Contact‘less’ Pay ‘More’

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Contact‘less’ Pay ‘More’

Payment technology have more of an effect on people’s economic behaviour than we may expect. What you buy is surprisingly dependent on how you pay for it and how you pay for it can have a detrimental impact on spending habits.

Contactless payments and mobile wallets like Apple pay are threatening the concept of cash entirely. As once paper notes replaced metal coins and electronic banking reduced the need for cheques, contactless payments are now doing the same to cash. If they do succeed in replacing cash payments it could mean a huge change in shopper transaction.

The pain of paying

The benefits are obvious. To shoppers, convenience is key. There’s no need for stacks of cash or a purse full of jingling change. What’s more convenient than paying with a mobile device glued to peoples’ hand, or waving a card and being done with it?

In today’s society, we have instant access to such an extensive array of services and information. People have become accustomed to quick service with immediate results. Contactless payments have understood this and provide the instant gratification humans crave and removing some commerce barriers, making it easier and faster to get what you want.

There’s also a security with contactless that cash doesn’t have. if cash is stolen it’s gone but if a card is stolen a simple phone call to the bank will fix the problem. This security gives the shopper minimal liability.

Overall, the experience itself is a less painful one. Literally handing over a material object has a very different psychological effect than waving a contactless card. The “tangibility of notes and coins creates awareness (conscious/unconscious) that something of value is being exchanged”. Contactless cards and Apple pay are such transparent ways of paying, to the shopper it’s virtually like playing with monopoly money. People don’t feel the immediate loss of money, it just doesn’t seem like a ‘real’ transaction. It’s essentially guaranteed that if you were to ask someone how much they spent via contactless when leaving the shop, they couldn’t tell you.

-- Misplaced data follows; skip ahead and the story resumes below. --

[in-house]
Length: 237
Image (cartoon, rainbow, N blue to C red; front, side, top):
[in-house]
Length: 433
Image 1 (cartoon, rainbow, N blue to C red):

While people do spend more with cards over cash, they also reach for contactless to pay for even the smallest of purchases our spare change would once have covered. A coffee to go, a bottle of water, even a pack of gum. These small amounts individually may not amount to much but collectively cashless payments could drive society into a state of over consumption, little by little. Impulsive and frivolous spending would increase because the less you think about the purchase, the more likely you are to make the purchase.

So, would a world without cash be all that great? A world where every payment made would be traceable, what you buy, when and where you buy it. A world with over consumption and possible debt?

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